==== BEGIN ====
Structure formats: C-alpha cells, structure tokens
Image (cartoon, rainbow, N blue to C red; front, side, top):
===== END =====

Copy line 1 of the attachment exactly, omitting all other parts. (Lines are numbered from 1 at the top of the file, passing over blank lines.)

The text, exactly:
Structure formats: C-alpha cells, structure tokens